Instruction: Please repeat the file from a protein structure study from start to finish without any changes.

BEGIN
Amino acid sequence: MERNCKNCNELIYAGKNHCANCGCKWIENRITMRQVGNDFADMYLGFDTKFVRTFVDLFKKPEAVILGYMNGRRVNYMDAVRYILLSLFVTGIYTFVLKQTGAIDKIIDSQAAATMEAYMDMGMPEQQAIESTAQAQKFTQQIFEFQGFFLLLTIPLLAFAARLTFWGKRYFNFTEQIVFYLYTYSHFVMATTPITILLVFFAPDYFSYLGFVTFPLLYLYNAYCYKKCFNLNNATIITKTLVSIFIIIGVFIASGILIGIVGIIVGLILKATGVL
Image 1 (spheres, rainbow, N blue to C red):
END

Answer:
Amino acid sequence: MERNCKNCNELIYAGKNHCANCGCKWIENRITMRQVGNDFADMYLGFDTKFVRTFVDLFKKPEAVILGYMNGRRVNYMDAVRYILLSLFVTGIYTFVLKQTGAIDKIIDSQAAATMEAYMDMGMPEQQAIESTAQAQKFTQQIFEFQGFFLLLTIPLLAFAARLTFWGKRYFNFTEQIVFYLYTYSHFVMATTPITILLVFFAPDYFSYLGFVTFPLLYLYNAYCYKKCFNLNNATIITKTLVSIFIIIGVFIASGILIGIVGIIVGLILKATGVL
Image 1 (spheres, rainbow, N blue to C red):